Academic journal article Reference & User Services Quarterly

Playing Games to Improve the Quality of the Sources Students Cite in Their Papers

Academic journal article Reference & User Services Quarterly

Playing Games to Improve the Quality of the Sources Students Cite in Their Papers

Article excerpt

This study seeks to determine the effectiveness of the BiblioBouts information literacy game for improving the quality of the sources undergraduate students cite in their written papers. BiblioBouts was incorporated into a second-year English class of 45 students in which about half played the game from start to finish (i.e., players) and the other half failed to play all or part of the game (i.e., nonplayers). The authors hypothesized that the quality of the sources players cited in their papers would improve as a result of playing BiblioBouts and players would cite more scholarly sources in their final-paper bibliographies than nonplayers. About 90 percent of the sources players' cited in their in-game bibliographies were scholarly sources. When players transitioned to their final papers, the percentage of scholarly sources they cited in their final papers dropped in half (44.6 percent); however, it surpassed the percentage (35.2 percent) of scholarly sources nonplayers cited in their final papers. The authors suggest that players put scholarly sources into play and cited them in their in-game bibliographies knowing that they would earn high scores for their actions. The authors also raise the question of whether the second-year students in this class and whether underclassmen generally understand scholarly sources well enough to integrate them into their papers. BiblioBouts players benefited in several other ways including being exposed to many more sources than they would have found on their own, becoming familiar with the library portal and its many available databases, and mastering citation management software for saving online sources' citations and full-texts.

When undergraduate students arrive at the academy, they are operating for the first time in the same rich, deep, diverse information environment that faculty use to teach the knowledge of the disciplines and to extend the frontiers of knowledge. Bereft of expert knowledge of the disciplines, many students need guidance about where to start and what expert research and discovery tools to use. As a result, students fall back on their habitual patterns: Google, Wikipedia, and the web. (1) When they have exhausted this comfort zone, they do not know what to do next. This point of need is precisely when students are most receptive to information literacy instruction.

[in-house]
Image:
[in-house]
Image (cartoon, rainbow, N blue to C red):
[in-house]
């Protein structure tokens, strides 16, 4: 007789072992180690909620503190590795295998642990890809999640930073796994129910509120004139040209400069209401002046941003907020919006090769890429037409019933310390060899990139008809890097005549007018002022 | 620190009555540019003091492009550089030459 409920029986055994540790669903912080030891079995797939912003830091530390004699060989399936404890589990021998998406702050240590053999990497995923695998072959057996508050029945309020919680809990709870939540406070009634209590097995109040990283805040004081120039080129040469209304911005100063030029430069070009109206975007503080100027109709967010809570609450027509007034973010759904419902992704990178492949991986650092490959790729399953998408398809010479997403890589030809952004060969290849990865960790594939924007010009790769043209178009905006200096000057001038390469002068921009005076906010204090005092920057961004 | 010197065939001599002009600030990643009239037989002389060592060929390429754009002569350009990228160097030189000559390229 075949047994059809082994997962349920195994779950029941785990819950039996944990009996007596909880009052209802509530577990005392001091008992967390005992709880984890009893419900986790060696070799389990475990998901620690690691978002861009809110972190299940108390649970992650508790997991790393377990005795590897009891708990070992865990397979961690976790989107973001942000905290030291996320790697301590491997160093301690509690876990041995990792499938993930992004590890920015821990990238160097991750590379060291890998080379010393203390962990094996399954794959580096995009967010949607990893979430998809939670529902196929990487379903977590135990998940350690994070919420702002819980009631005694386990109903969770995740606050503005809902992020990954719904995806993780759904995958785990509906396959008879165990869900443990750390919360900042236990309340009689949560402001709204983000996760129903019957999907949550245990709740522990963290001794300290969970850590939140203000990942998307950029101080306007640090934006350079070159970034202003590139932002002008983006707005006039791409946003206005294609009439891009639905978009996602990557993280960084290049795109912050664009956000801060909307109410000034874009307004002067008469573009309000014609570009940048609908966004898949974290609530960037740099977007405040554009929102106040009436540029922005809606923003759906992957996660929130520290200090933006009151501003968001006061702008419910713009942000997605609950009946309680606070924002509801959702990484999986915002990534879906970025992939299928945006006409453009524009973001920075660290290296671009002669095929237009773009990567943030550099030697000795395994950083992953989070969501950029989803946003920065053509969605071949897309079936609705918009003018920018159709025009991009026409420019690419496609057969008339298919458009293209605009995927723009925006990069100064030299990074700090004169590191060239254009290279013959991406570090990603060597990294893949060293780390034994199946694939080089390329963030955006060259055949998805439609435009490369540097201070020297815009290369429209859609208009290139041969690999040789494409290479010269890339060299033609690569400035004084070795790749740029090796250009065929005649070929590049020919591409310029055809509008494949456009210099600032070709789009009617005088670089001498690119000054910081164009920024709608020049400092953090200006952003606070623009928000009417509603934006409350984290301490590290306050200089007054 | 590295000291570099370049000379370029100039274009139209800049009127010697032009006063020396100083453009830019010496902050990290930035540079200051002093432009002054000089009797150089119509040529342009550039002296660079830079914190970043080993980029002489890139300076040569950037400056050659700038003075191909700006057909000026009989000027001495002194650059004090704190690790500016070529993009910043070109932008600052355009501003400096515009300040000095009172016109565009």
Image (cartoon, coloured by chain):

Our approach is to meet students online where most library research now takes place and put an online tool into their hands that teaches them how to conduct library research while they go about the business of completing their assignments. This tool is the BiblioBouts information literacy game.

BiblioBouts is unique. It exposes many students to expert research and discovery tools for the first time and requires them to use these tools repeatedly. The game is institution-neutral, discipline-neutral, and class-rank neutral (starting with college freshmen and up). BiblioBouts is best suited to courses in which students complete research-and-writing assignments. Game-like features such as a leader board, levels, badges, and scoring log motivate students to continue playing, giving them opportunities to gain valuable practice performing a wide variety of information literacy tasks and to increase their understanding of the underlying information literacy concepts. Put students into a game situation in which they perform a technical reading of a source to assess its scholarly nature or judge the completeness of cited source and they will perform the task repeatedly because they want to watch their score increase, their name climb the leader board, and their trophy-case fill with badges.

Our information literacy research has embraced games because into good games are built principles of learning. (2) For example, games allow players to follow hunches, get results by trial and error, and engage in self-discovery. Games reward players who exceed minimum-level expectations, they stimulate players' competitive spirits, and they publicly acknowledge the skillful actions of game leaders. …

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